Rigol DSA815 Spectrum Analyzer

April 25, 2016

Jack Ganssle-April 25, 2016

Rigol has a new low-cost spectrum analyzer (SA). Saelig, their US distributor, loaned me one for evaluation, and the bottom line is that this baby packs a ton of capability into one small and inexpensive package.

They sent me a model DSA815-TG which spans to 1.5 GHz, but other models in the series go to 7.5 GHz. The 1.5GHz unit is just $1495; that climbs to $9500 for the wide-bandwidth model. If you can live without the TG (tracking generator) option the DSA815 is $1295.

But I’d never buy an SA without the TG. Ever. The tracking generator output is the SA’s local oscillator; as the SA scans from the displayed low frequency to the upper one the TG outputs the frequency being displayed. That’s critical for experiments with RF components. For instance, you could feed the TG into a filter and the filter’s output to the SA’s input to display the filter’s frequency response.

Rigol DSA815. Picture swiped from Rigol’s web site.

As is apparent from the picture, the front panel is well-laid out with individual buttons for each function, plus soft-buttons used to select sub-modes. One large wheel can adjust pretty much anything.

Perhaps a little background is in order. Everyone knows that an oscilloscope displays voltage on the vertical axis, and time on the horizontal. An SA shows amplitude on the vertical and frequency on the horizontal. The following picture shows the Rigol displaying the FM radio band. The center frequency is 100 MHz with a span of 20 MHz (that is, the SA is sweeping from 90 to 110 MHz), RBW and VBW (more on these later) of 3 KHz. The marker is barely visible as a “1” towards the left side of the screen. It’s positioned at 91.5 MHz, the Baltimore classical station. The peaks are various radio stations’ carrier frequencies.

Rigol DSA815TG showing FM spectrum. Photo by author.

In this case the SA’s input is one meter of wire acting as an antenna.

A couple of things to note: first, while the DSA815 and all other SA’s will display amplitude in a variety of units, the most useful is dBm, or dB referenced to 1 milliwatt. So 0 dBm is 1 mW, -30 dBm is 1 uW. WBJC, at 91.5 MHz in the photo, comes in at -75 dBm, or around 50 picowatts.

And, though the instrument can display four markers and do delta math between them, they sure are hard to see. When in the noise I found them just about impossible to recognize.

All of the important settings are clearly shown on the screen.

Every modern digital scope can show the FFT of an input signal, which is exactly the same display. So why spend precious bucks on another instrument?

A scope is not particularly sensitive. You’re lucky to be able to see tens of mV. In contrast, the SA is just like a superhet radio – a local oscillator sweeps from a user-selected low frequency up to a desired high frequency, with phenomenal gain since a mixer stage isolates just the frequency being swept at any time. If you’re doing any sort of wireless work an SA is an essential bit of test equipment.

The DSA815’s frequency display is spot on, measured with a high-end HP signal generator.

RBW is resolution bandwidth. It’s the width of the filter after the SA’s mixer stage. So setting this to a big number means a perfect sine wave, which should show as a infinitely-narrow spike in a perfect world, will be broad and mushy. A narrow RBW will display that sine wave as a spike, or nearly so. VBW is video bandwidth, a smoothing filter applied to the displayed data. Obviously you’d want to set RBW as narrow as possible and VBW just where the data is reasonably noise-free. However, there’s a cost. The sweep time of any SA is:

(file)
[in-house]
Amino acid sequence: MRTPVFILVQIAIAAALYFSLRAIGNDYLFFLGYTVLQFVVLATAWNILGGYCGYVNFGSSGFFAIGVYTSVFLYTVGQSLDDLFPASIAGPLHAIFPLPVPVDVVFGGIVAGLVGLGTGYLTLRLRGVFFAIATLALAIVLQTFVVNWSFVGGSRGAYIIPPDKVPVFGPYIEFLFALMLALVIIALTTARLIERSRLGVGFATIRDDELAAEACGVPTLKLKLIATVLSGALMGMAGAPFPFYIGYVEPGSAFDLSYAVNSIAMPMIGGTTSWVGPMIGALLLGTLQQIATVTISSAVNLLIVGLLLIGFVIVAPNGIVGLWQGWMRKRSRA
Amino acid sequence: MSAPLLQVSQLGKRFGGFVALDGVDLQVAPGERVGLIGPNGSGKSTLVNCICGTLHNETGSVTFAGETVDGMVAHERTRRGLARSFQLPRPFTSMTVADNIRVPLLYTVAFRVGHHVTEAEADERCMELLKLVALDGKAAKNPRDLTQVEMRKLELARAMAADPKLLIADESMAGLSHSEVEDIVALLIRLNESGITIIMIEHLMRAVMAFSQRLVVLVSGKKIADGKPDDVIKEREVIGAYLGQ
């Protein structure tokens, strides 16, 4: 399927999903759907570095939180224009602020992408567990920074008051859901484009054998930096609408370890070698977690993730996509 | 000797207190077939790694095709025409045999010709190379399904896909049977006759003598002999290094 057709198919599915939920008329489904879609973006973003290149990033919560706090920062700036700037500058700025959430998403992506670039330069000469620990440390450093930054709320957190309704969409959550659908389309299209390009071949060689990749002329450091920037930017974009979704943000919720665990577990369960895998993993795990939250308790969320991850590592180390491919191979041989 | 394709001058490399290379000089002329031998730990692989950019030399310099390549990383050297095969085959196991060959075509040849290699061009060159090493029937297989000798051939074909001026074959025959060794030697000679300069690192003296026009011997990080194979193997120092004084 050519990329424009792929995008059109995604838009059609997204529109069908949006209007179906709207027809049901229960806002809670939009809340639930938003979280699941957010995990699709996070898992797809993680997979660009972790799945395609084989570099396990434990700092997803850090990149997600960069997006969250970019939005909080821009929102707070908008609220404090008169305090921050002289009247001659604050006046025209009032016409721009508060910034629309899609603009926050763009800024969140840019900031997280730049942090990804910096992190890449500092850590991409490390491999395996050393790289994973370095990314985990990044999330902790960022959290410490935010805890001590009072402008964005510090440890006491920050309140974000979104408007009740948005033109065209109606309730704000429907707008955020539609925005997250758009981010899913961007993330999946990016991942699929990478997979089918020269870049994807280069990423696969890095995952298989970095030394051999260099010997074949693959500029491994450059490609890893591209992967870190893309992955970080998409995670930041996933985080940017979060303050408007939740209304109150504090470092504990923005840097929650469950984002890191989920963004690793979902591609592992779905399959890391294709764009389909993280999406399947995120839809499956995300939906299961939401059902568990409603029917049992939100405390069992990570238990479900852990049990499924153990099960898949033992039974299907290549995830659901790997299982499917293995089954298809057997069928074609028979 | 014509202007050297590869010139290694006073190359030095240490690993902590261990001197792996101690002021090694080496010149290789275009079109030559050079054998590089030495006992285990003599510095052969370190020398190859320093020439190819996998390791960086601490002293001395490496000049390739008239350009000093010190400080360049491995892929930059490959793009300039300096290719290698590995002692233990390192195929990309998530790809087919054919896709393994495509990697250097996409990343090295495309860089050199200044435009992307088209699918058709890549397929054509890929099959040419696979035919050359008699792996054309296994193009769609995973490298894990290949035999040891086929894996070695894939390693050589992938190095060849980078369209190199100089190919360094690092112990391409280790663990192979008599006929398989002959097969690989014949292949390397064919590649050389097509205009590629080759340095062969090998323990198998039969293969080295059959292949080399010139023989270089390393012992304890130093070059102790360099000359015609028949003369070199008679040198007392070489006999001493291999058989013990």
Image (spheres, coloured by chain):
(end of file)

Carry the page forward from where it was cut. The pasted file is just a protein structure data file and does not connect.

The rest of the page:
Sweep time = (k * frequency span)/(VBW*RBW)

So setting the bandwidths narrow hugely increases the sweep time.

My fancy Advantest SA can go to a RBW of 1 KHz. The DSA815 is much better, with a low-end setting of 100 Hz. Pretty slick! “k” in the above formula is an SA-dependent constant. I found that with a 1 MHz span, and RBW = VBW = 1 KHz, the sweep took 3.3 seconds, compared with one second for the much more expensive Advantest.

The displayed average noise level is basically the instrument’s noise floor with the lowest RBW. I measured it at -105 dBm, or around 0.05 picowatt. That’s pretty good, though the big test equipment vendors have much more sensitive gear, for much more money. The Rigol is more than adequate for wireless comm work.

One thing I don’t like: you can save an image to a .CSV file, but not to a picture file (e.g., .jpg). Sure, it’s easy enough to convert a .CSV to a picture in Excel, but that’s an extra step.

But it does come with a demodulator for AM and FM (which my Advantest doesn’t have). And there are a ton of other features, like the ability to do n sweeps and stop, where n is any number from 0 to 9999. And there’s a pass/fail mode as found on some scopes: if a waveform falls outside some boundaries a fail signal is generated. Lots of measurements are included like total power, power on adjacent channels, carrier to noise ratio, power of each harmonic, THD and VSWR. The manual, which is generally of barely adequate quality, is very good in the section on the measurements. USB and Ethernet connectivity are standard.

Rigol and other Chinese vendors have changed the test equipment market with a stream of very good gear for astonishing prices. The DSA815-TG has all of the features I deem important in a spectrum analyzer, and you can’t beat the price. Highly recommended.

Jack G. Ganssle is a lecturer and consultant on embedded development issues. He conducts seminars on embedded systems and helps companies with their embedded challenges, and works as an expert witness on embedded issues. Contact him at His website is


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